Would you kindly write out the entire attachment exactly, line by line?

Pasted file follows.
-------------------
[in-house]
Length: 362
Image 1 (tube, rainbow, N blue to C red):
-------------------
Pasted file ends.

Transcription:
[in-house]
Length: 362
Image 1 (tube, rainbow, N blue to C red):